Once on the boat, the teens met American volunteers who served on the original Exodus crew and a Polish refugee who came to Israel on another ship in 1947.

"It tears me apart to see this," said Frank Lavine, who worked in the engine room of the original Exodus.

"The ship is not the same and these are kids, but seeing this and the shore of Israel is an indescribable feeling," he said.

As a British scout plane spotted the ship about 20 miles off the coast of Haifa, the teens posted signs across the deck for the British blockade to see.

"Down with the Brits."

"Live free or die."

"The Promised Land is ours."

"We don't brake for the British. 'Nuff Said."

As all 600 teens on the deck of the ship chanted "Eretz Yisrael" and sang "Hatikvah" and "Oseh Shalom," members of the Conservative movement's United Synagogue Youth danced with a Torah they brought on board.

"The Exodus did not survive without a fight," the veteran Lavine rallied the teens. "Do not submit to the British."

For the teens, recreating the refugees' experience was only part of what they gained during their four-day voyage.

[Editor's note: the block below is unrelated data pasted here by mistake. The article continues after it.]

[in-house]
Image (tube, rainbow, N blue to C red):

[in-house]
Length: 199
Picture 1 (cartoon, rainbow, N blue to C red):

"I feel a stronger connection to my religion now that I get to see where everyone is from," said Michelle Suarel, 17, of St. Petersburg, Fla.

"Being surrounded by Jewish people is a very comforting atmosphere. There was already an immediate connection," said Todd Ostomec, 16, of Moraga, Ga.

Janice Brodsky, 15, of Berkeley, Calif., added, "It's really great when you say `Hi, I'm from San Francisco' and someone else is from Memphis, Tenn. Who would have thought there are Jews in Memphis, Tenn.?" she said.

This year 78 local teens joined the Exodus, the most East Bay teens sent on summer programs in 10 years. Nahshon said the six-week trip, via the East Bay's Israel Center, costs $4,200 per person; about one-third receive scholarships, others find help from Hebrew Free Loan.

Last year the teens retraced the Exodus on a Greek cruise ship, and were served by tuxedoed waiters. But Kellman said this year's four-day trip was rougher. Teens following in the footsteps of the original immigrants produced a newspaper and plays, and did not live luxuriously.

"It was the antithesis of the Love Boat," she said.

As the ship approached the shores of Palestine, mock British gunboats escorted the Exodus to port.

"It's like a dream that doesn't seem real," said Justin Axelroth of Little Rock, Ark., adding, "I've waited a long time to see the State of Israel."

"This is a very emotional experience. We're seeing Israel as they would have seen it," added Samantha Evian, 17, of Philadelphia.

After "escaping" from British prison camps and hiking the beach in Atlit in the footsteps of original ma'apilim, the teens sang "Shehecheyanu," the traditional prayer of thanks, as an emblazoned "Exodus '95" sign lit the dark sky around the memorial site at Atlit.

"You don't really know how emotional it is until you see Israel because it's our land," said Brad Saks, 17, of Cranbury, N.J.